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No, I don’t know what the Eagles have in Jalen Hurts, either

He was bad. He was good. He was in between, too.

NFL: Philadelphia Eagles at Carolina Panthers Douglas DeFelice-USA TODAY Sports

Jalen Hurts has played five games this season and has nine total starts under his professional belt, and I still have no idea what the Eagles have in their second-year quarterback.

Hurts’ performance on Sunday was all over the place, a psychedelic roller coaster of quarterbacking that saw him start the game 12-of-20 for 35 yards (1.75 yards per attempt) and finish by rushing for two touchdowns and connecting with Quez Watkins on a key 53-yard bomb that kick-started a dead-team-walking offense through two-plus quarters.

He missed wide open receivers and layups. He also made daring escapes from the pocket and deft throws on the run. His overall numbers, 22-of-37 for 198 yards, 0 TDs, 1 INT and a passer rating of 62.7, were abysmal, but he also made plays late in the game to bring the Eagles back from the brink of a 1-4 start.

There are some incredible statistics that would back up the claim Jalen Hurts is a potential franchise QB. He has done some things in his first nine career starts that few signal callers have ever done. And yet, on a weekly basis, there are missed throws. He appears to lock in on one receiver and take off. Numerous plays are left on the field.

Is this who he is? Is this something he can work through?

He may not have time to prove it. Everyone knew coming into the season that 2021 was a referendum on Jalen Hurts. Thus far, through five weeks, it’s impossible to know just what the Eagles have in him.

Had general manager Howie Roseman drafted Hurts in the second round last year with the intention of making him their franchise quarterback, the sense of urgency for Hurts to prove himself right away would not exist. Donovan McNabb and Carson Wentz were both drafted second overall in their respective drafts with the intention of giving them the keys to the kingdom. They had years to progress through the characteristic inconsistency one often finds in a young quarterback.

But Hurts was never drafted to be the Eagles’ starting quarterback. He was drafted to be a back-up. And now the Eagles have at least two potential first round picks, and maybe three, and some if not all of them could be high picks. The pressure will be there for the Eagles to spend one, two or all three on a QB, either to trade for a veteran star or to move up in the draft and select their favorite college QB.

That combination of past expectations and future opportunity makes 2021 the only season in which Hurts will have an opportunity to prove himself. And it’s honestly not fair to him that he must do so with a rookie head coach who is still clearly struggling to find his way in his first season under the highlighter-clipped visor of leadership.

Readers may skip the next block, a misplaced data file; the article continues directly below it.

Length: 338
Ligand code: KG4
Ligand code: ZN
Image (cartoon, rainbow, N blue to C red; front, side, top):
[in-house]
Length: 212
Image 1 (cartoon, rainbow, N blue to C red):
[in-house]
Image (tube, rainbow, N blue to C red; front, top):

Nick Sirianni’s playcalling this year has been uninspired, confusing and downright maddening. Few designed running plays for his running QB. Nothing but screen passes and swing passes. A non existent running game. Little pre-snap motion. In-game decision-making that screams of inexperience. No offensive identity. No cohesion.

It’s impossible to know if Jalen Hurts is the team’s long-term answer at QB when his head coach hasn’t yet put him in a position to succeed.

Had Doug Pederson remained as head coach, or had the Eagles brought in someone with a pedigree, one could more honestly assess Jalen Hurts’ true ability. He has shown flashes of brilliance, but has also made a ton of mistakes. They are the types of mistakes that other young QBs have made, and Hurts doesn’t have the pure size or arm strength that coaches dream on. He is blessed with the ability to tuck and run, to create on the move, and with strong leadership skills that the previous guy didn’t possess.

The best case scenario for everyone is for Hurts to play well enough to convince Roseman and Jeff Lurie that he is the guy moving forward and for the Eagles to use all those first round picks to fill in the many holes on the roster, especially on defense. Imagine being able to spend three first round picks on some combination of edge rusher, cornerback, safety, linebacker or offensive line. Imagine how much better the team would be, and how quickly the rebuild could be over, if they already had the QB solution in place.

But five weeks into the 2021 season, it’s impossible to know if Hurts is that guy. And that’s OK. He has 12 weeks left. Unfortunately, he must try to prove himself with a rookie head coach who is still learning himself. It’s a difficult set of circumstances for Hurts to overcome and, if he does, he will have proved he’s the man under center for the next half-decade or more.